The commercially available protein-digesting enzyme bromelain is derived from the pineapple fruit or stem. Bromelain from fruit and stems are produced in different ways and has varied enzyme compositions. "Bromelain" often refers to the "stem bromelain". Bromelain is a combination of several thiol endopeptidases and others including various protease inhibitors, glucosidase, cellulase, phosphatase, peroxidase, and escharase. Studies conducted in both the lab and on animals show that bromelain has a variety of fibrinolytic, anti-edematous, antithrombotic, and anti-inflammatory effects. The body can absorb bromelain to a significant extent without it ceasing its proteolytic activity or having any negative side effects. Numerous therapeutic advantages of bromelain include wound debridement, improved drug absorption, and the management of sinusitis, bronchitis, angina pectoris, surgical trauma, and thrombophlebitis. Additionally, it treats numerous cardiovascular conditions, diarrhoea, and osteoarthritis. Bromelain also encourages apoptotic cell death and exhibits some anti-cancerous properties. This review compiles the crucial traits, medical and dental uses of bromelain as well as its potential mechanism of action.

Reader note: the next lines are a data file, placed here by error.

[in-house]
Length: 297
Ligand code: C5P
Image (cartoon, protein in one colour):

Keywords: antimicrobial; bioactive; bromelain; bromelain enzyme; phytomedicine.
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